If you're seeing this message, it means we're having trouble loading external resources on our website.

If you're behind a web filter, please make sure that the domains ***.kastatic.org** and ***.kasandbox.org** are unblocked.

Main content

Current time:0:00Total duration:4:31

CC Math: 3.OA.B.5

- [Instructor] In this video,
we're gonna think about how we can use our knowledge of multiplying single digit
numbers to multiply things that might involve two digits. So for example, let's start
with, what is five times 18? And you can pause the video
and see how you might try to approach this, and
then we'll do it together. All right, so if we're trying
to tackle five times 18, one strategy could be to
say, hey, can I re-express 18 as the product of two numbers? And the one that jumps
out at me is that 18 is the same thing as two times nine, and so I could rewrite five times 18. This is the same thing as five times, instead of 18, I
can write two times nine. Now, why does this help us? Well, instead of multiplying
the two times nine first to get the 18, and then
multiplying that by five, what we could do is we
could multiply the five times the two first. And you might be thinking,
wait, wait, wait, hold on a second. Before, you did the two times nine first, and now, you're telling me that you're going to change the order? That you're going to say, hey, let's multiply the five times
two first, is that okay? And the simple answer is, yes, it is okay. If you are multiplying
a string of numbers, you can do them in any
order that you choose, and so this is often known as the associative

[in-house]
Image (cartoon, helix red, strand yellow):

property of multiplication. We can associate the
two with the nine first. We can multiply those first, or we can have an association
with the five and the two. We can multiply those two first. Now, why is that helpful? Well, what is five times two? Well, that's pretty straightforward. That's going to be equal to 10. So this is going to be equal to 10. We're doing that same color. 10 times nine. Now, 10 times nine is a
lot more straightforward for most of us than five times 18. 10 times nine is equal to 90. Let's do another example. Let's say we wanna figure
out what three times 21 is. Pause this video and see if
you can work through that. There's multiple ways to do it, but see if you can do it the way we just approached this first example. Well, as you could image,
we want to re-express 21 as the product of smaller numbers. So we could rewrite 21 as
three times seven maybe? And so if we rewrite it
as three times seven, and now, we do the
three times three first. So I'm just gonna put parenthesis
there, which we can do because the associative
property of multiplication. Fancy word for something that is hopefully a little bit intuitive. Well then, this is going to be equal to, what's three times three? It is nine, and then times seven,
which you may already know is equal to 63. Let's do another example. This is kinda fun. Let's say we wanna figure
out what 14 times five is. Pause this video and see
if you can figure that out. Well, we could once
again try to break up 14 into the product of smaller numbers. 14 is two times seven, so we can rewrite this as two times seven or as seven times two, and I'm writing it as seven times two, because I want to associate
the two with the five to get the 10 times five, and then I can multiply
the two times five first. And so this is going to
give us seven times 10, seven times 10, which is
of course equal to 70. One more example. Let's say we want to
calculate 15 times three. How would you tackle that? Well, we can break up 15
into five times three. Five times three, and then we can multiply that,
of course, by this three, and then we can multiply
the threes together first, and then this amounts to five times nine. And five times nine, you might already be familiar with this. This is going to be equal to 45. Another way to get to
45, you can say, hey, five times 10 is 50. So five times 9 is going
to be five less than that, which is also 45.